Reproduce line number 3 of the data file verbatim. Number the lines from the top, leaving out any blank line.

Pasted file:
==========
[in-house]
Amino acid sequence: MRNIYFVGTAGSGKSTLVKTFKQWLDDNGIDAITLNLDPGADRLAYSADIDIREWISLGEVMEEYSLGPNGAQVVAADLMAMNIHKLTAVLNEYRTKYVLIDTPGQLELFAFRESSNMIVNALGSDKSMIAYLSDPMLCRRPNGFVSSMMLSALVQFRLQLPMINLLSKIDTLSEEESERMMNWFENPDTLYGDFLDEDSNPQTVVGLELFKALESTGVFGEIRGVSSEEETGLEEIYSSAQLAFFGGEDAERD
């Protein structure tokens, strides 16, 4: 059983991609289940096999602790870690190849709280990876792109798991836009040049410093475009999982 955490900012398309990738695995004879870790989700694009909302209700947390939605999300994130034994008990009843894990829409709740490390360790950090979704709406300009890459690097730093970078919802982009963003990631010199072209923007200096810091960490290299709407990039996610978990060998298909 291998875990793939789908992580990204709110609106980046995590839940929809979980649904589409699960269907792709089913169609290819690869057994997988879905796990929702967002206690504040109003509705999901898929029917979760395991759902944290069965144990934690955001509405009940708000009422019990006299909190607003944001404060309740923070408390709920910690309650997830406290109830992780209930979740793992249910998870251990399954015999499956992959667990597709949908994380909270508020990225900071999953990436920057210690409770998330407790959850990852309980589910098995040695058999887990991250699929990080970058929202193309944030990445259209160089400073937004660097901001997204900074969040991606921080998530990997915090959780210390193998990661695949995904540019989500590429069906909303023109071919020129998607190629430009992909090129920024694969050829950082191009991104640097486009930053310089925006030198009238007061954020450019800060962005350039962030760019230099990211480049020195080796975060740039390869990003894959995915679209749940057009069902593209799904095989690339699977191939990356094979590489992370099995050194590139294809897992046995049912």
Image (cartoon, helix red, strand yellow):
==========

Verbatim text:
């Protein structure tokens, strides 16, 4: 059983991609289940096999602790870690190849709280990876792109798991836009040049410093475009999982 955490900012398309990738695995004879870790989700694009909302209700947390939605999300994130034994008990009843894990829409709740490390360790950090979704709406300009890459690097730093970078919802982009963003990631010199072209923007200096810091960490290299709407990039996610978990060998298909 291998875990793939789908992580990204709110609106980046995590839940929809979980649904589409699960269907792709089913169609290819690869057994997988879905796990929702967002206690504040109003509705999901898929029917979760395991759902944290069965144990934690955001509405009940708000009422019990006299909190607003944001404060309740923070408390709920910690309650997830406290109830992780209930979740793992249910998870251990399954015999499956992959667990597709949908994380909270508020990225900071999953990436920057210690409770998330407790959850990852309980589910098995040695058999887990991250699929990080970058929202193309944030990445259209160089400073937004660097901001997204900074969040991606921080998530990997915090959780210390193998990661695949995904540019989500590429069906909303023109071919020129998607190629430009992909090129920024694969050829950082191009991104640097486009930053310089925006030198009238007061954020450019800060962005350039962030760019230099990211480049020195080796975060740039390869990003894959995915679209749940057009069902593209799904095989690339699977191939990356094979590489992370099995050194590139294809897992046995049912």